Too many people jump into careers they think they will be happy with. They take out student loans, invest years in grad school, and study for hundreds of hours accumulating certifications they’ll never use. Now they’re too deep into debt and too many years into their career to make a change.
It doesn’t have to be like this.
Our Broken Education System
You see our education system is antiquated. Designed for an era where factory and farm work was the norm, it was designed to teach us how to function in these environments;
- Showing up early and on time.
- Sitting still.
- Paying attention to instructions.
- Being quiet
- Changing stations when the buzzer goes off.
These are skills that make a great factory employee, but not the skills needed to blossom in the information age we live in where creativity and action are rewarded.
Despite this obvious misalignment in training, we still trust this system with finding our passion. We think being good in science class means you will make an excellent doctor, or being good at math means you should be an accountant. Deep down, you sensed this was wrong. It’s why you changed majors in college several times. It’s why you’re still unsure about your career after graduating. It’s why, when you finally started your first job, things were much different than you expected. In fact, you learned almost every skill “on the job”. Wasn’t school suppose to be prepare you for the real world?
Were all those classes a waste?
Did you pick the wrong career?
Maybe grad school will help you find a better job?
But what is a better job? Do you even know what that is? How can you be sure it’s not another dead end like your existing position?
Christina graduated from school in Australia and decided to become an architect. She excelled in school and upon graduating got an excellent job in a competitive industry. After two years she realized things were much different than we she had imagined. She no longer wanted to be an architect. She quit and is now pursuing her real passion.
So how do we supercharge this learning and fix this problem? How can we learn what Christina learned earlier in our career without investing years of school and thousands of dollars in debt?
You already know that jobs are different than their sister subjects in school. This is why school is such a poor predictor of career happiness. The only way you can truly know if you will enjoy a job is by actually doing the job. But how?
A PDF that I discovered early on my college career that changed my life was Charlie Hoehn‘s Recession Proof Graduate. He advocates doing free work to land your dream job. It’s a revolutionary body of work that changed my life.
But what if you don’t know what your dream job is? Or what if your “dream job” actually turns out to be worse than your current job?
You have to create fake internships.
We already know that the majority of jobs are not filled by job postings and are usually manufactured, created, and filled by your network. So why not use your network to help you learn more about a potential career path? Are you interested in law? Email your lawyer friend. Advertising? Your friend at an advertising firm. Technology start-up? You get the idea.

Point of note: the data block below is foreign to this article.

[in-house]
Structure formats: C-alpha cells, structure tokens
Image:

Simply shoot them an email asking if you can shadow them for a day for a school project (BrokerChange University :p) and want to find out more about a typical day in their life. When you arrive, show up dressed to impress, bring copies of your resume, and be ready and willing to help out where possible.
Now you’re no longer guessing what a career is like, you’re actually living it. You’re sitting in meetings, answering emails, creating decks, and living the day in the life. If you do this well enough, you may even get offered to stick around for an actual internship.
Protip: Don’t forget you can also do this at your existing job.
“All too often we fall into a head down work mode, and forget to tell our coworkers what we’d really like to be doing, and more importantly how we think our skills and interests can benefit the company.” — Sean Ogle
Finding “The One”
Yes this requires work. Yes this will require sacrificed mornings and weekends.
But it beats the alternative — getting into an arranged marriage with a career you’re not happy with. You read 100 reviews on Amazon before buying your last toaster, shouldn’t your career deserve the same level of research?
Going on multiple dates — *ahem* internships — is the only way you will find “the one”.
Jennifer Turliuk did this after being unhappy in her corporate gig. Like most of you she spent “more thought and effort into getting the job than into figuring out if it was something [she] actually wanted.” So she entered a competition to shadow Dave McClure of 500 startup fame, cold emailed a bunch of startups, and spent enough time in the community to know this was her true calling. She quit her job, moved to San Fran, and started her own startup knowing full well she was ready to put a ring on it.
Until you do the same you will never know what truly excites you. If you’re not reading articles, attending conferences, working overtime, and getting excited for Mondays, you haven’t found your calling yet. You need to keep dating. You gotta kiss more frogs before you find your prince.
Don’t be like Alex.
Date your career before you marry it. (Tweet This)
My challenge to you.
Try this 5 times.
Don’t get married to one idea. Don’t get “one-itis” with your first fake internship. In fact, your goal should be 30 “jobs” by the time you hit 30. Commit to trying several different industries and companies. Once you’re certain you’ve found the one – commit to becoming an expert. Black belts are 100x more impressive than brown belts.
Still stuck? Steal my email “swipe file” with a huge list of response optimized emails you can copy/paste depending on your situation (cold email, warm email, etc). You can download them for free below.
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